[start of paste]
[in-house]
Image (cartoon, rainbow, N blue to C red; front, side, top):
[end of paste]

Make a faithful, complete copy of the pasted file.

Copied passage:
[in-house]
Image (cartoon, rainbow, N blue to C red; front, side, top):